Playoffs: 4 games, 20.4 MPG, 52.2/60.0/100 shooting line, 4.0 RPG, 8.0 PPG

Wow, those numbers are encouraging. The biggest thing may be that he only shot 5.8 times per game in the playoffs to the 8.2 per game in the regular season. Though +/- is a crap stat, he had the third best +/- on the team in the playoffs, and that's great considering he was guarding LeBron James much of the time.

Andre Drummond

Regular Season: 81 games, 32.9 MPG, 52.1/33.3/35.5 shooting line, 14.8 RPG, 16.2 PPG

Playoffs: 4 games, 32.9 MPG, 51.9/0.0/32.4 shooting line, 9.0 RPG, 16.8 PPG

These numbers are quite depressing when you consider that Drummond averaged 20.3 PPG and 13.7 RPG in the regular season against Cleveland. Drummond should have been able to dominate Tristan Thompson and Kevin Love on the glass. Granted, it is a bit more difficult to grab rebounds when both teams are shooting as well as the Pistons and Cavaliers did.

Marcus Morris

Regular Season: 80 games, 35.7 MPG, 43.4/36.2/74.9 shooting line, 5.1 RPG, 2.5 APG, 14.1 PPG

Playoffs: 4 games, 36.0 MPG, 46.8/38.9/87.0 shooting line, 3.3 RPG, 2.5 APG, 17.8 PPG

Stan Van Gundy, you thief! Seriously, though Morris is probably not the long term plan at small or power forward, to think that the Pistons have a guy under contract for the next three years at $5-million per, who is putting up those kinds of stats, is amazing. Hopefully, next season he can be more consistent throughout the year instead of kicking it up at the end of the season.

Reggie Jackson

Regular Season: 79 games, 30.7 MPG, 43.4/35.3/86.4 shooting line, 6.2 APG, 18.8 PPG

Playoffs: 4 games, 36.8 MPG, 45.5/16.7/100 shooting line, 9.3 APG, 14.3 PPG

Averaging 4.5 three point attempts per game, if Jackson would have maintained his three point shooting percentage from the season, the Pistons could have been tied 2-2 in the series right now. Granted, that all does not lie on Reggie, not in the slightest, but it is concerning. Also, with Kyrie Irving being a liability defensively, Jackson could have, and should have, averaged more than one free throw attempt per game in the series (or that's on the refs). But it was good to see his assists go up as they did.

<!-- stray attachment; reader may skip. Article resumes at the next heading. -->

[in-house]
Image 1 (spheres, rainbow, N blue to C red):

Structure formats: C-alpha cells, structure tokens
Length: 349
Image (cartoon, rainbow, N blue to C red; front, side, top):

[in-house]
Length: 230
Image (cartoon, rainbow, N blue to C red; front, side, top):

Tobias Harris

Regular Season: 27 games, 33.5 MPG, 47.7/37.5/91.1 shooting line, 6.2 RPG, 2.6 APG, 16.6 PPG

Playoffs: 4 games, 39.0 MPG, 45.7/33.3/92.3 shooting line, 9.5 RPG, 3.0 APG, 14.5 PPG

I am not going to lie, but seeing tweets about his lack of efficient shooting in the series made me shocked to see these numbers. He regressed some in terms of efficient shooting, but he was still a key player in the series. Not sure his 39 MPG were warranted, but not sure the Pistons had anyone behind him that could have done a better job.

Kentavious Caldwell-Pope

Regular Season: 76 games, 36.7 MPG, 42.0/30.9/81.1 shooting line, 3.7 RPG, 14.5 PPG

Playoffs: 4 games, 40.3 MPG, 44.0/44.4/71.4 shooting line, 4.3 RPG, 15.3 PPG

I knew he shot well and was a plus on offense, but my concern were his numbers on defense. With Kyrie Irving shooting so well, and that being Caldwell-Pope's primary defensive responsibility, I was concerned he sacrificed defense for offense. However, that does not appear to be the case, ad he had the fifth best defensive rating on the team and averaged 1.8 steals per game, best on the team. Also, you can't stop Kyrie from hitting some of the shots he hit.


I ordered this list in minutes played per game from lowest to highest. What is great is that much of the Pistons core for the next few years performed better in the playoffs against an elite team in front of a national viewing audience. KCP, Jackson, Morris, and Stanley Johnson all stepped up. Drummond and Harris took a minor step back, but that could all be taken care of by next year. Again, the future is bright in Detroit.